Signaux Girod SA specializes in the design, manufacture, marketing, installation, and maintenance of sign equipment. The company has been in business since the 1960s. Signaux Girod SA is listed in France (Euronext Paris) under the ticker GIRO. Note that GIRO file their financial reports in French, so please be aware that there is a risk that I have misunderstood or overlooked something that might be of importance.
Similar to many of the other Liquidation Oxymoron’s that I own, GIRO is a nano-cap company (€13,8M) with shares that are highly illiquid. Unlike some of my other ideas though, GIRO is a family-owned and operated Liquidation Oxymoron that conducts its business in a boring and quite stable industry. When I initiated my position in GIRO at a price of €12,20 the shares were trading at a 52-week low. Not only that, looking back historically one realizes that GIRO has only traded at current price levels and valuation multiples a handful of times. As I will try to demonstrate below, GIRO is a perfect candidate for a diversified portfolio of Liquidation Oxymorons.
Margin of safety
1) Selling below liquidation value?
According to the latest financial report GIRO has an NCAV of €19,9M. In relation to the market cap of €13,8M, GIRO is currently selling at a price-to-NCAV multiple of 0,69x. However, as stated in their latest annual report, GIRO has operating leases of €3,4M. With the operating leases taken into consideration, the price-to-NCAV multiple of 0,84x is a little bit less appetizing. On the other hand, looking at the latest balance sheet we find €29,4M of PP&E. With a net-tangible-asset value of €51,5M, we here have a company that is selling at a price-to-net-tangible-asset multiple of 0,27x. Digging a little bit deeper into the latest financial report one concludes that land and buildings make up for €19M of the total amount of PP&E. Furthermore, the €19M value of land and buildings included in the PP&E value on the balance sheet is an amount that has been highly depreciated. The gross value for land and buildings is stated at an amount of €38M. In sum, although it’s hard to say what the exact liquidation value for GIRO is, looking at the numbers mentioned above I also think it’s hard to not come to the conclusions that GIRO today is selling well below its liquidation value. As Benjamin Graham has famously said;
You don’t need to know a man’s weight to know that he’s fat.
2) Proven business model?
Looking at the historical records one soon comes to the realization that GIRO’s business model is not only a proven one but a quite stable one as well. In the last ten years, GIRO has posted a positive net income in seven of those. Looking at GIRO’s retained earnings of €44M per the last quarterly report further certifies that view. However, last year was one of those three years where the company posted a negative net income. So far this trend has persisted as the last financial report (2018/2019 half-year report) also had negative net income numbers. If one is to believe management though there are some positive indicators for what lies ahead. For example, management state in the last financial report that they expect higher profitability for the second half of the year compared to the same time period last year.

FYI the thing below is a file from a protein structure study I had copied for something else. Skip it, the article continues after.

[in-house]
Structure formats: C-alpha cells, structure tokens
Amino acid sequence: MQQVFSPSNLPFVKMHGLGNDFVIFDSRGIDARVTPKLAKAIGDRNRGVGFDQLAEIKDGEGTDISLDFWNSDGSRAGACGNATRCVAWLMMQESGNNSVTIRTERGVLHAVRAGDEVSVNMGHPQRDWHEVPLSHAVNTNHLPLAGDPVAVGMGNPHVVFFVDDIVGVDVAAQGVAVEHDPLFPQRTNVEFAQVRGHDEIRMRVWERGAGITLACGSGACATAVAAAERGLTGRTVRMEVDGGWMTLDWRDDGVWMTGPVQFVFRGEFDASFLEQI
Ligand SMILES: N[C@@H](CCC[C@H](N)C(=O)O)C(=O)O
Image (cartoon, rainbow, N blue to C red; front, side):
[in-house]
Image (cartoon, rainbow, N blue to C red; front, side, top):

3) Sound financial position?
GIRO currently sits on its smallest debt position in ten years. Per the last financial report, GIRO had €13,7M of debt on the books while they for many years carried an amount of ~€30M of debt. While the trend of a decreasing debt position is a good sign, what is maybe most encouraging is the current debt-to-equity ratio of 0,2. That is a ratio that I in absolute terms determine to be a financially sound one. Furthermore, considering that GIRO for the majority of the last ten years has posted positive net income numbers also suggest that the amount of debt they carry is manageable for them. In other words, GIRO is to be considered financial sound on income statement basis as well. Similar to some of my other ideas though, GIRO’s current Z-score of 2 indicates that financial troubles (i.e. bankruptcy) could lie ahead for the company. However, considering what I have described above, I don’t think the risk of bankruptcy as the Z-score formula suggest is a palpable or even real one in this case.
4) Responsible management?
GIRO has not only been aggressive in paying down their debt position over the last couple of years, management has also made sure that shareholders directly and continuously have gotten a piece of the capital-allocation-pie as well. In the last ten years, GIRO has paid a dividend in eight of those. A small side note to that, in 2018 GIRO paid their shareholders €10M in dividends after the company had sold one of their businesses. The €10M dividend amount is huge considering that GIRO is a €13,8M market cap company (back then the market cap was around €20M). Finally, the company has also been quite aggressive buying back its shares on the open market. In total, GIRO has bought back 7,6% of the total shares outstanding as of current date. There is a buyback program in place and it seems that management is determined to continue with their share buybacks. A side note here is that the shares bought back have not been canceled (i.e. they are held in treasury). In sum, I think it’s pretty clear that GIRO’s management as operators and capital allocators has not only been responsible but quite shareholder-friendly.
Other factors and characteristics
GIRO is owned and operated (e.g. CEO and chairman is Claud Girod) by the Girod family. As of today, the family owns 63% of GIRO.
Disclosure: The author is long Signaux Girod SA (EPA:GIRO)